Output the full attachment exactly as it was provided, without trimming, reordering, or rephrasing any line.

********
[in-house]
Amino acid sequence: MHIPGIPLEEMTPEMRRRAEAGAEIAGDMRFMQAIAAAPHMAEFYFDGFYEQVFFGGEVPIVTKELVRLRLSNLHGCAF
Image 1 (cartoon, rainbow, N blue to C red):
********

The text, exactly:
[in-house]
Amino acid sequence: MHIPGIPLEEMTPEMRRRAEAGAEIAGDMRFMQAIAAAPHMAEFYFDGFYEQVFFGGEVPIVTKELVRLRLSNLHGCAF
Image 1 (cartoon, rainbow, N blue to C red):